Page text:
Saturday, November 17, 2012

1862 November 18 Staunton, Va.

                                                Staunton, Nov 18th/62
Dear Mary
    I have at last seated myself to write you that long promised letter, you must
remember when you were in S that I had a very bad habit of putting off things
that should be done, from one day to another, and although I have tried to
break myself of it, I have not entirely succeeded, and particularly does my
fault show itself in letter writing, though I love both to receive and to answer
letters from my friends.  However, if you will again correspond with me I will try
to follow your rule of answering a letter a soon as it is received.  Let me
congratulate you upon being rid of the Yankees though I am late in doing it,
better late than never, an old proverb says.  Mrs Ide brought me both letters
she received from you, and from you account you must have been very much annoyed
by their presence.  We have been several times alarmed, for feat the Yankees
would get us, but they have not succeeded yet, and I trust Jackson will never
give us up to them.  they have been as near at eighteen miles in several directions.
At one time we had a regular panic, and almost everybody left Staunton, but after
playing "refugee" about a week, they returned and were laughed at a great deal
about it. We have not had school at the Institute since the war began.  Mr
Wheat has had a boy's school and Mr. Phillips has been manager of a clothing
Factory established for the benefit of the soldiers.  Mrs. Forrest has the best
school in town now, and I walk there, about a mile, every morning to take French
lessons. Mr. Ide teaches music there.  Mrs. Ide spent a day with us not long ago
and said she had either first written to you or was going to do it very soon.   It
does seem so strange that you have never seen either of her children.  They have
grown and improved so much lately.  Ella is very pretty and little Nettie Bell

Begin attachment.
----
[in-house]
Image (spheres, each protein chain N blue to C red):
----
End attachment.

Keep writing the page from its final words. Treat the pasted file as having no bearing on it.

is as sprightly as she can be.  Bee Taylor is still in Staunton and was over to
see me this morning.  She would send her love if she knew I was writing.  I have
not been well for some time.  I had a slight attack of typhoid fever this summer
and have not gotten entirely over it yet.  As a necessary consequence I have lost
all my beautiful suit of hair, which of course distresses me very much.  How is

your cousin Sue?  And what has become of your Sister Jennie?  I do not know when
I took such a fancy to any body from a description as I did to her.  We have been
having a very pleasant time lately, as the Fauquier Artillery have been stationed
here for the last three weeks but much to our sorrow they were ordered away
yesterday and of course had to go. As Staunton is the central depot for the troops,
and persons going to and coming from the army have to pass through, we necessarily
get acquainted with a good many gentlemen, so not withstanding the war we have
enjoyed ourselves very much.  I heard of a very narrow escape a cousin of mine
had when the laboratory at Jackson, Mississippi, blew up.  He is one of the officers
incharge of it and only happened to be out of the building at the time, because
he was sick.  I am so thankful he was not hurt.  He is one of my favorite cousins.
You may have heard me speak of him, Steve Kinney, he was at West Point when you
were here.  Mr. Ide was here this morning and says he sent you a daguerreotype of
Ella, the other day.  do you ever expect to come back to Staunton?  By the by, I
met Mr. John Bledsoe on the street a day or two ago, with his arm in a sling, I
do not know whether he was wounded or not.  Jakey Points is still in Staunton,
has never been in the Army since the first battle of [?]  We had a wedding
the other day and who do you think was married? Kittie Woodward.  I suppose you
remember her.  She lived at the Lunatic Asylum.  I have written you quite a long
letter and you must answer it very soon.  Ma joins me in love.  Bee went to the
country today with Grandpa and Rob has gone to an uncle's to stay untill Christmas,
otherwise they would send some message.  Do write soon,
                                                   Yours truly

[from transcripts given to the library in the 1950s of letters of the Fackler family.  Location of originals unknown]

MSS 4199

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